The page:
Quilts narrate history of school

Museums across Central Texas have opened their doors for the Great Bell County Quilt Crawl.  Currently in the second week, it is a county-wide exhibit of creative and historical quilts. It runs until Feb. 18.

On Jan. 21, the university hosted the Crawl, and retired professor Dr. Edna Bridges gave a workshop on basic quilting techniques. She invited children to channel their ingenious side and taught them how to create fabric yo-yos. The children then used the yo-yo’s to make hair bows, clothing accessories and Christmas decorations.

“It gives them something to do in their pastime besides playing video games and texting,” Bridges said. “They’ll always have it; it carries over into adulthood.  I get so much satisfaction from making and giving crafts, and I hope it gives these kids the same satisfaction.”

The museum also displays more than 40 exhibits that include quilts, bedspreads, rugs, decorative clowns, handkerchiefs, pillows and crocheted collars. Each display tells a story, and each connects to the university.

Two quilts are emphasized as the museum’s centerpieces. One is a keepsake collage of shirts entitled “UMHB T-shirt Quilt” while the other is a family heirloom entitled “9-Patch Touching Stars.” Both are a representation of UMHB’s past and present and are owned by alumnae and grandmother          /granddaughter duo, Nelda Sanders and Kristal Varnell.

The first was made in 2011 by Varnell.  It is a patchwork of T-shirts she acquired during her years in college.

She said, “I just wanted to make something to preserve all my memories,” she said. “I had all these shirts, and I thought that I should just make a quilt from them. It wasn’t hard. If I can do it, anyone can do it.”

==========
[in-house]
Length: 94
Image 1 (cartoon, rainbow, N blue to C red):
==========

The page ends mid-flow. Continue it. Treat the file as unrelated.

Half-way through her studies, Varnell shifted gears and changed her major.

She thought it was important to incorporate that into her masterpiece.

“Even though I didn’t graduate with a nurse’s degree, I was a nurse major my first two years. Here are the purple pockets from my purple scrubs and the white buttons from my lab coat,” she said.

The second quilt, “9-Patch Touching Stars,” was made in 1845 by Mary Sloan. It was a wedding gift for her son, then handed through the generations while being preserved with love and care.

More than 150 years later, it was given to Varnell’s grandmother and 1954 graduate, Nelda East Sanders.

“It was passed down each time to another daughter when she got married,” Sanders said.  “Then it finally came to my brother-in-law’s mother. She gave it to him, and he gave it to us. The stitching  really tells the different texture of that time period. Everything was done by hand, and it gives history of the culture.”

Sanders continued to explain that because the university was  officially chartered the same year the quilt was made, she just may have found it a new home.

“I will not continue the tradition and pass it down to my daughters,” she said. “I’ll probably make a donation and leave it in the museum.”

Other area museums exhibiting quilts are Azalee Marshall Cultural Activities Center, Temple; Railroad and Heritage Museum, Temple; Czech Heritage Museum, Temple; Bell County Museum, Belton; Salado Historical Society at the Robertson Plantation, Salado; and Killeen Arts & Activities Center.

Every Saturday a designated museum will host a special activity for children that relates to quilts and quilting.

For more information on the Bell County Quilt-Crawl go to www.quilt-crawl.org.

Author: Nicole Johnson

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